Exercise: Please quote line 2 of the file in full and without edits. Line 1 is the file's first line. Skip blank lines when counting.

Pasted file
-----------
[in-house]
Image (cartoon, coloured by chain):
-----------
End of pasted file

Image (cartoon, coloured by chain):